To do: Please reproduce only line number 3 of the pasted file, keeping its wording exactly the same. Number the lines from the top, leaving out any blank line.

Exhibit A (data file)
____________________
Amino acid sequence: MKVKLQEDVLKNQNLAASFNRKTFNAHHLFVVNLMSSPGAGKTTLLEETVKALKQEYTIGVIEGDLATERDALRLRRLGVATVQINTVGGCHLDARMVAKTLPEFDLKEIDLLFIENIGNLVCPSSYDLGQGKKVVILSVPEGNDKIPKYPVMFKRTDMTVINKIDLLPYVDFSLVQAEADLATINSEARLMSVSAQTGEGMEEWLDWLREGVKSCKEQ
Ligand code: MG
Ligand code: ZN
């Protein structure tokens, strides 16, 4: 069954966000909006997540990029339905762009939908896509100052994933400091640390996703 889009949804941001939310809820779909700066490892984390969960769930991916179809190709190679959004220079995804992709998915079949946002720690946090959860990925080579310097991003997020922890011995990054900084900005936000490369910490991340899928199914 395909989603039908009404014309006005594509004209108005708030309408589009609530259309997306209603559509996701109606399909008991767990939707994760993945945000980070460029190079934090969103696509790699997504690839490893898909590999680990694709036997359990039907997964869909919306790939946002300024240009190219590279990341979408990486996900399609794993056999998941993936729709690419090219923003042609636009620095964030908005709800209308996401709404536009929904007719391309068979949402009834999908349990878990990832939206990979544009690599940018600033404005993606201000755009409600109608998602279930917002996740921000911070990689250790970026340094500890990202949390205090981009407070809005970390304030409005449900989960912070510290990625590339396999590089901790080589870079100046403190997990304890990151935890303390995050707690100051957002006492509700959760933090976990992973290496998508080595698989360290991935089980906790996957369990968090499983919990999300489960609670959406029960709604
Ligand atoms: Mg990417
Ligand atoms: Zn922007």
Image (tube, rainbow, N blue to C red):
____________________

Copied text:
Ligand code: ZN